Voters Reject Hetch Hetchy


Voters Reject Hetch Hetchy Draining Study

San Francisco voters have overwhelmingly rejected a proposal to launch a formal study into eliminating Hetch Hetchy Reservoir in Yosemite National Park, the most vital but equally controversial water supply facility for the city and many other parts of the Bay Area.

Hetch Hetchy Reservoir

Proposition F was rejected by 77% of San Francisco voters.
The spectacular Hetch Hetchy Valley, regarded as a smaller version of nearby Yosemite Valley, became a reservoir when O’Shaughnessy Dam was completed on the Tuolumne River in 1923.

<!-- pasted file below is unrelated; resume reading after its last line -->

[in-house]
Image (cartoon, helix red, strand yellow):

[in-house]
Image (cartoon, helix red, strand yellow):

Some 2.6 million people in San Francisco and 29 other Bay Area cities receive their water from the Hetch Hetchy system, which is also a major hydroelectric power source.
Had the measure been successful, a second election would have been required in 2016 to approve the reservoir’s removal.
San Francisco Mayor Ed Lee called the proposal “really stupid.”
Opponents contended $10 billion would be necessary to restore the valley.
Restore Hetch Hetchy, an environmental group responsible for the measure, said it “was just one of three strategies we are pursuing in our fight for the restoration of the Hetch Hetchy Valley.” The group said the election “was a beginning, not an end.”

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